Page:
Subject: Brendan Fraser, 41-year-old Canadian-American actor
Date of Assessment: January 22, 2010
Positive Buzzwords: Amiable, deadpan, cartoonish
Negative Buzzwords: Hairplugs, hairplugs, Crash
The Case: Ever since Brendan Fraser checked out the fresh nugs and wheezed the juice as Linkovich Chomofsky in 1992’s Encino Man, my opinion of the fellow hasn’t changed all that much. Over the years, Fraser’s been in a lot of horribly craptastic movies and, for each and every one of them, he deserves to be kicked mercilessly in the balls a few hundred times. Even worse, rumor has it that Paul Haggis, the director of that notorious Oscar-winning atrocity otherwise referred to as “Crash,” was only able to secure financing after Fraser signed onto the project, so it can be said that, without Fraser, there may very well have been no Crash. At this point, one cannot be blamed for wanting to time-travel back to the pre-Crash era to reach down Fraser’s throat and pull his balls upwards through his mouth before kicking them mercilessly. Let’s face it — at one point or another, we’ve all wondered why Brendan Fraser is still kicking around in Hollywood. Well, there’s one simple explanation: many of this guy’s movies enter blockbuster territory by making a crapload of money. And yes, that’s something that deserves at least a little bit of respect.
Now, this is gonna be painful, but let’s look at he the cold, hard data, folks… Fraser’s films have grossed a collective $1.2 billion domestically and $2.5 billion worldwide. (Source: The Numbers). Specifically, here are the worldwide grosses for a few of his individual movies: George of the Jungle, $174 million; The Mummy, $416 million; The Mummy Returns, $433 million; The Mummy: Tomb of the Dragon Emporer, $398 million; Journey to the Center of the Earth, $241 million; G.I. Joe: The Rise of Cobra, $301 million. Of course, he’s had a few obligatory clunkers that haven’t been so lucrative: Airheads, Dudley Do-Right, and Looney Tunes: Back In Action; but he’s also done some real acting in dramatic films: School Ties, Gods and Monsters, and The Quiet American. However, we now realize that such small (and relatively critically acclaimed) dramas are not the typical projects that Fraser chooses.
Nowadays, Fraser has found his niche, and these movies of his — Encino Man, George of the Jungle, and The Mummy — are essentially live-action cartoons and can be seen as larger-scale, bigger-budget B-flicks. In fact, Brendan Fraser has nearly become a parody of himself in a larger-than-life, cartoonish sort of way as a floppy-haired (hairpiece alert!) hero; a self-deprecating halfwit, who is willing to wear only a loincloth and is powered by an ironic, tongue-in-cheek bravura. As such, it’s almost impossible to hate this guy, for Fraser’s affable charisma is the rare type that results when an actor does the following: (1) Doesn’t take himself that seriously; (2) Appears quite often in stupid adventure films but isn’t nearly as annoying as Nicholas Cage; (3) Remains scandal-free and, thus, family-friendly and able to pull off well-meaning hero types.
Fraser is also undeniably adept at reacting to CGI effects in front of a green screen. Hell, it’s virtually a spectator sport to watch him defeat prehistoric sabre-toothed fish, gigantic man-eating plants, and the occasional Tyrannosaurus Rex. Quite simply, Fraser gives good popcorn movies that don’t pretend to be anything else. These movies may be short on comprehensible dialogue and utterly predictable, but it’s hard to deny that, to a lot of people, these escapades are sheer fun at the theater. Fraser knows that these are the types of films within which audiences will pay to see him, and where there’s box-office success, there’s money in the bank for daddy. Finally, he doesn’t resent his place in Hollywood and moan about wanting to be a serious actor. Nope, Fraser knows the game, he’s willing to play it, and he doesn’t pretend not to do so. Quite simply, he’s a commodity but no more so than Vince Vaughn, Tom Cruise, or Jennifer Aniston. Overall, Brendan Fraser generally comes off as an amiable fellow with pretty decent comic timing, and he’s not a bad-looking bloke at all, so he’s become the go-to-guy for inserting some easygoing humor and subtle goofy physicality to what would otherwise be entirely ridiculous films. Can you imagine Nic Cage fighting gigantic piranhas and swinging from vines without being utterly serious about it all?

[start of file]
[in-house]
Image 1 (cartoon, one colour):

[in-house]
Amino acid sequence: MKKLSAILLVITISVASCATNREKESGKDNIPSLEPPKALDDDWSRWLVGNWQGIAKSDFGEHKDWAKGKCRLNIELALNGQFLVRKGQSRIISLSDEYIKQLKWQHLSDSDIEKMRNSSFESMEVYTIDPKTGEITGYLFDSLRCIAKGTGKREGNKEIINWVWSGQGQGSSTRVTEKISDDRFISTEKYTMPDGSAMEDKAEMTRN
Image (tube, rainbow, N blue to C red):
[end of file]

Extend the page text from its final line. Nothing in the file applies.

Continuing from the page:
Now for a few drawbacks… Frasier shouts a lot in his roles, and he could stand to cut this shit out, but, admittedly, it is sort of funny when he goes from The Mummy to something like Journey to the Center of the Earth, where real-life actors are on the receiving end of said shouting. Also, we also must accept that, in all of Fraser’s movies, the dude’s gonna pretend to have great hair, but he will invariably attend all press conferences and photocalls looking like astroturf personified. Such is Hollywood life.
Prognosis: Extraordinary Measures looks depressing as hell and, as a January release, must not have earned too much studio-based confidence. With Furry Vengeance in his future, not even Fraser’s persona may not be able to escape obnoxiousness, but he can also easily recover with the planned Journey to the Center of the Earth sequel. Further, his proven ability (such as it is) to react to special effects may very well lend Fraser a future in the next Roland Emmerich film. If all else fails, he could always launch another career as spokesperson for the Hair Club for Men.
Agent Bedhead lives in Tulsa, Oklahoma. She and her little black heart can be found at agentbedhead.com.